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God’s Armor – Using the Breastplate of Righteousness

In my last post, I showed how the Breastplate of Righteousness was given to us to protect our hearts.  That’s the good ground of our life.  It’s where we plant the good seed of the Word of God.

In Scripture, we’re told to put on the full armor of God.  That means it’s a choice I have to make.  The first thing we need to understand is what this righteousness is.

In the Bible, we’re told about two kinds of righteousness and both of them are important.  First, there’s the position of righteousness.  That means I’m declared righteous simply because I’m in Christ and He’s my righteousness.

Because of this position of righteousness, I can go into the presence of God whenever I want.  Whether I need forgiveness, or simply want to praise and worship the Father, I have 24/7 access to God’s throne.

I praise God for the position of righteousness that we’ve been granted in Christ.  However, that’s not the righteousness that protects our ground.  The breastplate speaks of the walk of righteousness.

How does the walk of righteousness protect my heart?  In the natural, Scripture talks about the enemies that invaded Israel and ruined their fields.  Fire, drought, foxes, stones, salt, weeds, locust, and hail were all causes of crop failure.

In our walk with God, we’re warned to be careful not to form intimate relationships with unbelievers.  We’re told that bad companionships corrupt good character (1 Corinthians 15:33).  By becoming intimate with the world you’re opening up yourself for a broken heart – rocky, stony soil.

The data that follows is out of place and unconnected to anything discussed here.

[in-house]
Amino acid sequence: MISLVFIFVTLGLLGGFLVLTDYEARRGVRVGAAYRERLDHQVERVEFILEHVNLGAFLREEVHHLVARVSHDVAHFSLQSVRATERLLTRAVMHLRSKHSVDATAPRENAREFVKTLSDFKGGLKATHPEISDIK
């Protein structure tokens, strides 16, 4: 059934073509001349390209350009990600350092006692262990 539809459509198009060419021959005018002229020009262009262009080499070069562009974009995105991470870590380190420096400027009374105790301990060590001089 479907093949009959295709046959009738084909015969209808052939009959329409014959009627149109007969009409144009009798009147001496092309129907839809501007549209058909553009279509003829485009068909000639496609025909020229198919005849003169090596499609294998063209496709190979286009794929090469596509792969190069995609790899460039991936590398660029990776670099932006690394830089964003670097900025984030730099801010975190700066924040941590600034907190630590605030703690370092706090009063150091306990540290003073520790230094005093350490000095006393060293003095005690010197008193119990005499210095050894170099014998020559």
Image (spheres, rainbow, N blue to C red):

When your walk is not right before God, you have an open, unprotected heart.  If you remember, a few posts ago I showed that the armor wasn’t Paul’s invention.  There’s a word picture of God wearing His armor in the Old Testament.

Knowing this, Paul described what the breastplate consists of.

But since we belong to the day, let us be self-controlled, putting on faith and love as a breastplate, and the hope of salvation as a helmet.
1 Thessalonians 5:8

The first thing Paul talks about here is self-control.  You may not want to hear this, but it takes self-control to put on the breastplate.

The word, self-control, in this verse, is not the same as the fruit of the spirit.  This Greek word means to be sober, not drunk.  We can’t be so intoxicated with the world that we miss God’s best.

Then, Paul gives us a closer look at this breastplate.  He tells us that it’s comprised of a combination of faith and love.  Walking in faith and love is the completion of your righteousness before God.

It should be obvious how this works.  I must choose to trust God.  I must choose to love God.  This is a daily choice, to walk in righteousness.  It’s a faith-love walk.

For in Christ Jesus neither circumcision nor uncircumcision has any value. The only thing that counts is faith expressing itself through love.
Galatians 5:6

In the New Covenant, circumcision is all about the rules of men.  The reality is that in Christ rules don’t count for anything.  Only a walk of righteousness matters.

This verse talks about being in Christ Jesus.  That’s where you have to be to use the armor.  This passage literally says that in Christ…the only thing that has force is faith, energized and made effective, through love.